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Genre: History
Author: Charlotte Gray
Publisher: Catapult
Release: 2010-09-10
File: 434 Pages
ISBN-13: 9781582438528

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Drawing upon Broadway musicals ranging from Irene (1919) to Gypsy (1959), American Cinderellas on the Broadway Musical Stage considers how Broadway musicals from the 1920s through the 1950s adapted and transformed Perrault's fairy tale icon in order to address changing social and professional roles for American women. Drawing heavily upon historical research in American culture and gender studies, Cantu analyzes female lyricists and librettists who were significant in translating Perrault's heroine to the contexts and concerns of the American "working girl." In exploring how these and other writers (of both sexes) adapted the Cinderella myth to a twentieth-century urban landscape, this book challenges traditional assumptions about the American musical's relationship to both feminism and modernism - placing the Cinderella story into the Broadway musical canon.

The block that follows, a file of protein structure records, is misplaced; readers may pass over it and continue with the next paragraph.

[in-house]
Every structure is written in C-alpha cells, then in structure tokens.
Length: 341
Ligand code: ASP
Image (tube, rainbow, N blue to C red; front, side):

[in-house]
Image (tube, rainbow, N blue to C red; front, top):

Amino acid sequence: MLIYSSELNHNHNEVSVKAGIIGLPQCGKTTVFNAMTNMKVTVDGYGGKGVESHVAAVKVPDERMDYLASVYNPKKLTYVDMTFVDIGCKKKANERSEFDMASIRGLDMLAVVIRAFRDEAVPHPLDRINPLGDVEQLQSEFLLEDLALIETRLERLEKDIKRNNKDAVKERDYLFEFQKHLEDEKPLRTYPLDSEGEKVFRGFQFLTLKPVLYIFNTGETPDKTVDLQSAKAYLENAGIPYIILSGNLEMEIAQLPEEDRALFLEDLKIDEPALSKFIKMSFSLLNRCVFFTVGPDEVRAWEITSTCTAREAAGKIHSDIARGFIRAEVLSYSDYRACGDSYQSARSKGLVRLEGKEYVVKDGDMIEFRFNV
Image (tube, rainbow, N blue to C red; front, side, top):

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Genre: Art
Author: Maya Cantu
Publisher: Palgrave Macmillan
Release: 2015-10-14
File: 276 Pages
ISBN-13: 9781137534538

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Genre: Women
Author: Clarence Ray Slavens
Publisher:
Release: 2003
File: 438 Pages
ISBN-13: MSU:31293024708673